@Shalini Thodge Dear reader, it can be difficult to handle fondling behaviour of a child with Autistic Spectrum Disorder (ASD). However, a child with ASD can be taught the difference between public and private body parts. Firstly, it is important to use correct names for these parts- including vulva, vagina, penis, chest, breasts, etc. Secondly, teach the child when its appropriate to be naked versus clothed. Use picture books, sing songs (heads, shoulders, knees, and toes), or use toys such as dolls. Have the child paste pictures of different situations when its okay to be naked- such as during bath or while swimming. Then you can start talking about what things are okay to do in public, and what is only meant to be done in private (such as, shutting the door when you pee).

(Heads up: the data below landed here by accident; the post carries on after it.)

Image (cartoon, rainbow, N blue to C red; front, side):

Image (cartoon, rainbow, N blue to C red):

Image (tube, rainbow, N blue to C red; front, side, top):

Typically-developing children also have a natural need of exploring their genitals. But with your child with ASD, it is important to understand his sensory needs. This will make it easier for his parents to give his outlets for her needs. For example, the child can be given a stuffed animal or a textured toy to keep his hands busy and to satisfy the sensory need of touch. The sensory need to touch has been there for some time, so he will require multiple cues before she starts to reach for the toy herself. Other activities include colouring, using blocks, and making puzzles, all of which can additionally help to take his mind off inappropriate touching.